Presto CEO Steps Down After 15 Years

restaurant tech

Restaurant automation firm Presto is seeking a new chief executive.

The company announced Monday (March 27) that founder and CEO Rajat Suri had resigned after 15 years helming the firm. Replacing him in the interim is Krishna Gupta, Presto’s chairman and the company’s first investor.

“Mr. Suri is a visionary,” Gupta said in a news release, noting that Suri had founded Presto “with a mission to transform the way cutting-edge technologies can enhance physical, customer-facing experiences.”

Presto’s stock, which is down 81% since the company went public in September of last year, fell another 12% Monday following the news of Suri’s departure.

Based in San Carlos, Calif., Presto provides artificial intelligence (AI) powered voice assistants and other technologies for restaurant drive-thrus at brands that include McDonald’s, KFC and Chili’s.

“Our counterparts for our technology, the people who use our technology, are large restaurant brands doing billions of dollars in revenue,” Suri told PYMNTS’ Karen Webster in an interview ahead of the company’s IPO last year.

“When they pick a provider for critical technologies, they like to pick companies that have been through some rigor on their financials and their business and not a fly-by-night startup.”

He argued that the digital shift had already happened for restaurants, and that automation was the next frontier.

“What is a relatively new trend is [physical industries like restaurants are] actually not just digitizing, but they’re also automating,” said Suri.

Recent research by PYMNTS finds many restaurants embracing automation, with 75% of eateries using it in at least three areas of operations. However, there are still places where restaurants can innovate further, particularly in terms of back-office tasks.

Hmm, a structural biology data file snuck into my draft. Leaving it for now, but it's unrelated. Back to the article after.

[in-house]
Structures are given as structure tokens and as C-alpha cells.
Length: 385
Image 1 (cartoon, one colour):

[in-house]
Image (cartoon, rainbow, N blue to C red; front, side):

One estimate found that restaurant operators are spending 20 hours per week on employee-connected administrative tasks that could easily be handled with software.

“Indeed, 90% of restaurant owners view increased automation of back-of-house operations as a way to free up time to focus on more important tasks,” PYMNTS wrote recently.

“Solutions that could deliver these improvements run the gamut from labor management software to inventory management tools to better internal communication methods.”

Cloud-based point-of-sale (POS) systems are among the automated tools restaurants can use to streamline their operations, as these systems can help restaurants create a centralized platform for all their ordering and payment methods.

This reduces user errors, saves time and can drive revenue. One survey of restaurants using these POS systems found that 70% had seen their customer frequency and traffic increased due to the connection between online and mobile ordering and POS systems.